Primary Research Methods: Interviewing Techniques and Tips
Interviewing is a valuable primary research method, and choosing from the different interviewing techniques is the first step in the process of undertaking this type of research. Interviews allow you to learn more detailed information. Whether you are interviewing one expert or gathering information from a small group of individuals, you must decide how to conduct the interview.
The five most common interview techniques include the following interview types:
- Face-to-face interviews
- Webcam interviews
- Telephone interviews
- Email interviews
- Instant message/chat interviews
With each interviewing technique, there are advantages and disadvantages, so choosing the right one for your primary research method is done by considering the value of each type, time or location constraints and the personal preferences of you and the people you interview.
There are five main interviewing techniques you can use as a primary research method.
- Face-to-face interview—With this type of interview, you and the person you are interviewing are in the same location and are speaking directly to one another. Benefits of this type of interviewing technique include being able to see and hear social cues, to adapt your questions based on how the person you are interviewing responds and to record a copy of the interview that you can later be transcribed to use as a reference. This is often the best option if it meets the needs and availability of both you and your interview subjects.
- Webcam interviews—With this type of interview, you and the person you are interviewing are face-to-face via webcam technology. It offers the same benefits as a traditional face-to-face interview, and recording either the audio or the video output is a good idea in order to transcribe it and refer back to the transcript as a reference. This type of interviewing technique is also useful when distance prohibits a face-to-face interview.
- Phone interview—With this type of interview, you speak directly to the person you are interviewing over the phone but are not in the same physical location. There are still benefits of hearing the tone of someone’s voice, adapting questions based on responses and recording the interview. This is a good choice if you prefer speaking directly with an interview subject but constraints prevent you from meeting face-to-face or if the person you are interviewing does not want a face-to-face interview or one requiring the use of the internet.
- Email interviews—With this type of interview, you do not have any face-to-face or direct interaction with the person you are interviewing. You email the interview questions, and receive the responses via email. The benefit of this type of interview is that a transcript in digital form is already made once the responses are returned to you. However, you cannot watch for social cues or ask additional questions based off responses in real time. Sometimes this results in receiving less information than you could via a telephone, webcam or face-to-face interview.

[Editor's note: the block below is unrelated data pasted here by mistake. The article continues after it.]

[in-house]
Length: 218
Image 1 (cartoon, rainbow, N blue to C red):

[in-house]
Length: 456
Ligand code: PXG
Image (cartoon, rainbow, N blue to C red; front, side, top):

- Chat/instant message interviews—With this type of interview, you conduct your interview over an instant messaging service, such as Yahoo! Messenger, Google Talk or MSN Messenger. Since this type of interviewing technique is done in real time, you have the benefit of adapting your questions or asking additional questions based on the responses you receive. The length of responses might be shorter with this type of interview, but you can save a copy of the chat session for an already-made digital copy of the interview.
Interviewing technique tips
Whichever interviewing technique you use as a primary research method, there are certain steps during the preparation and interviewing processes that facilitate a more effective interview.
- Learn as much as you can about the person you are interviewing prior to the interview in order to form questions that are specific to the person.
- Plan ahead, and set aside an adequate amount of time that suits the interviewing technique you employ.
- Check your recording equipment in advance to make sure everything is working correctly, and have a backup recorder ready to go in case of technical difficulties.
- Prepare your questions carefully for any type of interview technique by spending the time to write good interview questions.
- Start the interview with small talk to put your interview subject at ease.
- Respect the person you are interviewing by following their wishes if your subject chooses to not answer a specific question.
- Stay ready to adapt your questions if an answer to one of your questions triggers another question that pertains to your research.
- Keep the interview focused by redirecting the conversation with additional questions when the person you are interviewing strays too far from the focus of your interview questions.
Interviews are a powerful primary research method, and the information you learn by completing any of the interviewing techniques adds value to your research. If your interview produces information that aligns with other types of sources, for example, you can use data triangulation to strengthen your paper. Choose the interviewing technique that works the best for both you and the person you are interviewing to conduct an interview that goes well and puts both of you at ease.